Why and how do “bigger pixels” make a better picture?

This is going off of today’s iPhone 5S announcement, when Phil Schiller said that “bigger pixels” is the key to a better picture.

apple says bigger is better
other parts are larger too

  1. What does this mean?
  2. Is it true or just a marketing ploy?

5 Responses to “Why and how do “bigger pixels” make a better picture?”

  1. Nick says:

    It’s all about catching the light that comes in as accurately as possible.

    It’s fairly simple, with a bigger surface (per pixel) you will catch more light and be able to make a more accurate representation of that light in the end-result.

    It is true that the photo’s will be better, but just 15% per pixel isn’t spectacular. So it’s marketing as well. Nokia has done a similar thing with their PureView. Downsampling 41 Megapixels to 5-10 megapixels will also dramatically decrease noise-levels. Nokia’s PureView will be superioir to this if you ask me.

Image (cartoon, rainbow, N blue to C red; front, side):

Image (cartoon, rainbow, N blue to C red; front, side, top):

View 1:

2. Håkon K. Olafsen says:

    The main idea here is that bigger sensor yields better picture (if the sensors use the same technology). What Apple have done is to increase the sensor size, and by keep the same number of pixels each pixel will have a higher signal-to-noise-ratio, resulting in a better picture.

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